Norwegian cuisine – Chinese apples and rice

Now, I don’t really now if this should be classified as Norwegian cuisine, but as I’ve never had it anywhere else, I’ll be so bold as to at least add it to the recipes from my kitchen, making it at least slightly Norwegian…

This is a simple dessert made from rice, oranges, and whipped cream. The unjust title is due to the Norwegian name for orange (appelsin /a:pelsi:n/ that is with a back vowel /a/) which is borrowed from Dutch, which has again just translated from French ‘Pomme de Sine’, which means ‘Apple from China’. The Norwegian name for this dish is ‘appelsinris’ (orange rice), and thus: Chinese apples and rice.

This is what you make for dessert when you have leftover rice from dinner (or make extra rice when you want this for dessert). And it’s dead simple. Peel and dice the orange, whip cream (add a bit of sugar to weigh up for the healthy dinner) and mix it together with rice. I would say even portions of rice and cream, but that depends on how you like it. Sugar also depends on your sweet-tooth. I add about one teaspoon pr decilitre (about two teaspoons pr cup). Serve cold. Enjoy πŸ™‚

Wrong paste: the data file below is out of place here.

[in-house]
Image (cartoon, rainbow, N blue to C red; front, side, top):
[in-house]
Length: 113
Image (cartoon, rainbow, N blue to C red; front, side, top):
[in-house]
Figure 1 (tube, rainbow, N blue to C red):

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9 thoughts on “Norwegian cuisine – Chinese apples and rice

  1. Ah, how interesting – orange is also apelsin in Russian :).

    But my Dutch friend and I have this general theory about how a lot of words in Russian and Dutch are similar somehow!

    Love the idea and that it’s not too sweet.

    • As it is a loanword that has entered both languages at the same time I would imagine it to be quite similar in most European languages. I know very little about the influence of Germanic languages on Russian, though, and even less about linguistic relations between Dutch and Russian. I assume most influence must have come from German, but there could be trading between the two countries that could have affected the borrowing of words.
      You should try out the dessert anyhow πŸ™‚

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